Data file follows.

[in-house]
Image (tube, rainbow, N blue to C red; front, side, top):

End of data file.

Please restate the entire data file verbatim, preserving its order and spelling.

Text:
[in-house]
Image (tube, rainbow, N blue to C red; front, side, top):